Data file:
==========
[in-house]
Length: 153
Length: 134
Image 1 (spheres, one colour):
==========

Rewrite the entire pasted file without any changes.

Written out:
[in-house]
Length: 153
Length: 134
Image 1 (spheres, one colour):